The Epping Forest Project, Phase 5 – May.

The Epping Forest Project, Phase 5 – May.

Reluctant at first I headed down the gentle slope and into trees, uninspired and frustrated at myself for not being able to relax into this morning alone in the forest.

As I descend towards what I suspect will be a small stream the noise from Epping Road slowly recedes, the bird noise becomes prevalent and I start to hear beech nuts and other tree fall crunching under foot. The peace of the surroundings is settling my busy mind and soon enough my footfall is quieter, my march has become a relaxed stroll and my ears and eyes are tuning into the frequency of my environment. I hope to see deer.

Another busy month, another with few opportunities to get to the forest of a weekend. I must try and get up after work some time, battle my way through the late afternoon traffic, or this project will never take place.

For the first time this year I took the mountain bike for a quick ride before El and I went out. I didn’t go far, just to Higham’s Park Lake, though even that was enough for me. The newly arrived adult hay fever has been particularly bad this summer, even with the daily pill I am left sneezing, coughing and streamy of eye on the worst days. It was still great to be out on the bike for the first time in months, though I did suffer for it.

I also found my new favourite tree, so gnarly!

I bought an Epping Forest book the other week, it was mentioned on Twitter and just seemed like the perfect book for me. Written by the naturalist Edward North Buxton in 1884, I found a second edition copy from 1885 on the internet for £17. The book is in fabulous condition and contains the author’s description of the forest and 6 maps, all drawn from his exploration of the forest. Epping Forest have recently released an updated version of their forest map, so it was with great delight I spent some time comparing the two. There were not too many differences, the roads and paths were almost all the same, interestingly Hollow Pond did not exist in Buxton’s book. I looked it up and the pond was only created in 1905 when stone was quarried for the construction of nearby Whipps Cross Hospital.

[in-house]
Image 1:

This morning’s walk was to look at Ambresbury Banks, one of the two ancient earthen forts in the forest; the other being Loughton Fort which I have visited many times in the past. The construction of the earth fort is believed to have commenced around 700BC and the site was occupied until at least 42AD. There is a 6ft tall bank and moat surrounding an area of around 4 hectares.

There is not a lot to see to honest, a bank and some beech trees, some pollarded and some not. It is quite close to Epping Rd and the traffic noise was quite loud, verging on unpleasant. It was not what I needed this morning. I walked the perimeter, where possible I used the top of the wall. Walk in the footsteps of those ancients who created this haven for their families and their livestock. It is more clearly defined than Loughton Fort, but I feel less of it than I do for Loughton, perhaps it was just the nearby road?

Completing the loop of the site I consulted my new map and decided to head towards Theydon. I did not have a huge amount of time this morning, so started walking along one of the mapped pathways, taking the opportunity to experiment further with impressionist photography.

Mapped pathways are not really my thing so spotting a bike trail pointing roughly where I wanted to go I wandered off into the trees. Finding the small stream at the bottom of the valley I could see loads of deer sign in the mud, clearly this place, without a steep bank is where wild life came to drink. I decided to follow what looked to be a well used deer track through the twisted young scrub. No human or cow sized animal could walk though here, it was all very low. I was making so much noise bashing though that I gave up any idea of seeing any wildlife at all.

I followed the stream until it joined with a proper trail and finally I found a scene that was worth spending some time setting up the tripod and getting angles just right. The tripod thing is a whole story in itself, though I am never sure on how to express it, one for another day.

Soon after I found this big old beach, I think it is one that was a coppice (chopped at ground level) which has led to these four separate trunks. I decided to take some time with my camera, walk around the tree, set up some shots and try to make some crisp photos. Then the noisiest man in Epping Forest turned up with a friend and they sat right by the tree I was taking photos of. Talking inanely, he at the loudest possible volume, I quickly lost my happy vibe , took two pictures and stomped off.

Almost back at the car I came across a small open plain area with some lovely tall silver birch on the edge and a wonderful old oak surrounded by fern in the centre. I took a lot of images, though the light was hideous; bright and flat, filtered through low light cloud. I will come back here again when there is some big cloud going on. It is a lovely spot.

These silver birch just screamed out for a bit of panning, so tall and straight.

After a fairly flat and uninspired start to this walk things really did pick up and I was happy with the photos I took, and the time I had outside. My enjoyment increasing the further I moved away from the noise of the traffic; something to add to my mental health toolkit.

About wheresphil

Originally from Auckland, New Zealand, now living in London.
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